The 76ers are confident that if the expected Milwaukee- Philadelphia semifinal showdown does occur, they will brush the Bucks aside. "With that club as it is now," says Julius Erving, referring to the Bucks' loss of Buckner and Bridgeman, "we can beat them in a seven-game series no matter who has the home-court advantage. Those people are very important to their team. I don't think they can go all the way without them." It promises to be a brutal struggle, and as happened last year—when the 76ers blew a 3-1 advantage in the conference final with the Celtics after seven tough games with the Bucks—whoever emerges from the semis may not have anything left for Boston. "The winner would come out scarred," says Utah Coach Frank Layden.
If the 76ers are to beat Boston, they will almost surely have to have Center Darryl Dawkins back at full strength, and Dawkins, who came back March 24 after missing two months with a broken leg, has just begun to show signs of coming around. Though not a great center, Dawkins could usually be counted on to have a couple of 20-point games in the playoffs and add some muscle to Philadelphia's anemic rebounding. He's unlikely to do that well this time. The Sixers were 21-7 with Dawkins out of action, but, as Erving points out, "It doesn't matter how we played without him. It matters how he fits back in."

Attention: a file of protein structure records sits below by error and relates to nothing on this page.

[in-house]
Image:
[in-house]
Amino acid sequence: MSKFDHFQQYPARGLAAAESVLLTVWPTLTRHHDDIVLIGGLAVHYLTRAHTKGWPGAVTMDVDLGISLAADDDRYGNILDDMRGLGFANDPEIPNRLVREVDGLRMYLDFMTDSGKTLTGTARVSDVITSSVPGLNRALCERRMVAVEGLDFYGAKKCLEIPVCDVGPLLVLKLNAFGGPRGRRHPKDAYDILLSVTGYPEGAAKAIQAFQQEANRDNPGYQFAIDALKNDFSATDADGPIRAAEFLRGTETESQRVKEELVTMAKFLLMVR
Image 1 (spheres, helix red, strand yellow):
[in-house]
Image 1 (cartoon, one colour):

A few dissenters feel that, at long last, this could be the 76ers' year. "This time they might slip up on Boston," says Harris, especially if Celtic Coach Bill Fitch insists on perpetuating the myth that Bird can play guard for more than short stretches. "It's possible that the Celtics have gone along too well, and that might set things up psychologically for the Sixers." It is hard to imagine Philadelphia beating either Milwaukee or Boston with Dawkins in little more than a spot role, so give the edge to the Bucks in the semis because they're a better rebounding team and because they're due. Scissors cut paper. Then bet the ranch on the Celtics to romp to the conference title. Rock breaks scissors. Then, when the NBA finals are over, look for the Celtics to be riding down Boston's Commonwealth Avenue in their second straight ticker-tape parade. Paper covers rock.